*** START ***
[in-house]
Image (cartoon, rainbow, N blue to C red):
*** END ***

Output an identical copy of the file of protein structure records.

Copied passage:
[in-house]
Image (cartoon, rainbow, N blue to C red):